Lancaster SPCA shuts its doors

This week, the Lancaster County SPCA announced plans to close, citing a failed business model and lack of funding.

While all 13 employees will lose their jobs, news of the animal shelter’s impending shutdown led to an outpouring of support for animals in need of new homes, shelter spokeswoman Jennifer Ericson said. 

All animals that were available for adoption at the shelter have already been adopted just a day after the announcement – though, she said, a few cats and dogs are still being evaluated and will become available for adoption in the near future.

“It has been a fantastic response,” she said Wednesday. “I can’t be happier with how the public responded.”

On Tuesday alone, she said, the shelter saw 31 adoptions – nine cats, 15 dogs, four rabbits and three guinea pigs. Another six dogs and four cats have been put on hold, she said, with their future owners expected to pick them up soon.

On Tuesday, the Lancaster County SPCA announced the impending shutdown, noting that it would be the last day that the shelter would accept owner-surrendered pets and stray cats. From now until its shutdown, expected in mid-August, the shelter will only take in stray dogs from law enforcement officials in municipalities contracted with the SPCA. The public will still be able to adopt these dogs when they become available for adoption, Ericson said.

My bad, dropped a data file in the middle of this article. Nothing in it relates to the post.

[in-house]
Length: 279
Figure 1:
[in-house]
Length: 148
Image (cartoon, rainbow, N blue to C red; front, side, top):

When the shelter is shuttered, she said, she has no idea what the police will do with the dogs they recover.

According to Ericson, the shutdown came as something of a surprise to employees, though they knew the shelter had been struggling.

“We knew that we were struggling, and we were looking for what options we still had,” she said. “This year, the adoption rate was lower than normal and we just didn’t bounce back from that financial challenge. So, unfortunately, this has to end, but it certainly wasn’t for a lack of trying.”

In an effort to help find homes for the animals remaining at the shelter, the Lancaster County SPCA reduced adoption fees for dogs to $100 and made adoption costs for all other animals free.

Ericson said that they believed the several remaining animals yet to be put up for adoption – they have some kittens that she said will be available for adoption Thursday – will find homes, but the SPCA has worked with area rescues in case they need to move animals once the shelter is shuttered.

The Lancaster County SPCA is expected to cease operations by mid-August.

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